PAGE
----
Ken's got it about right. That does appear to either be very old "mulch" or compost. Both are good things-good for the soil and the plants growing in that soil. But not good for weed suppression and not even very good at helping retain moisture.

Depending on that conversation you're going to have with the vendor, and option would be to go ahead and place a thin layer of that stuff over your beds, and then cover with some actual mulch.

BTW, somebody above said they are in the process of removing their old mulch and replacing it with new. And I know a guy at work that does the same thing. Personally, I would never remove old mulch. If your beds need a refresher, either use a garden cultivator to "fluff it up", or cover over with a thin layer of new stuff. One of the biggest benefits of mulch is exactly that it decomposes, yielding humus which most soils lack these days.

+oM

    Bookmark   March 22, 2012 at 6:06PM
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Garen Rees(6a)

Yipee! You folks never disappoint with the great advice. Thank you all! Everyones advice was very helpful and reassured me that It was okay to be angry about the delivery. That Mulch also got into my skin and covered my entire arm in some strange designs that looks like a Koi, a salamander, snails, a great blue heron, and a japanese maple. I'm sure you folks will see a picture of me posted sometime this summer with my tattooed arm, gardening in my conical asian hat. lol.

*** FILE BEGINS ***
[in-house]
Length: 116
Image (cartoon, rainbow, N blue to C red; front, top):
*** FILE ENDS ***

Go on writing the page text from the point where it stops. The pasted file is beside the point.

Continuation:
I asked for regular brown mulch and did not ask for fine textured. I personally would never go for the colored stuff. My poor wife bought some black mulch last year and fried her new flower bed with it. Wow, that stuff has crazy heat retention in full sun. You can cook yourself just walking over it. I'm all about the natural stuff.

I new I should have asked to see the stuff before I bought it. Melting Ben and Jerry's ice cream I had just bought for the little lady prevented me from taking the extra time to listen to the voice in my head.

That manager was going to get it when he called. Yeah! I was ready for battle. Well okay, more like a nice matter of fact battle. Who am a kidding. I rarely ever direct anger at anyone even if I am angry. I just let them know I'm disappointed and we have a problem to figure out.